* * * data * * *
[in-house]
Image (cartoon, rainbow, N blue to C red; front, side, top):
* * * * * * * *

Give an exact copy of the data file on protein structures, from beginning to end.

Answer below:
[in-house]
Image (cartoon, rainbow, N blue to C red; front, side, top):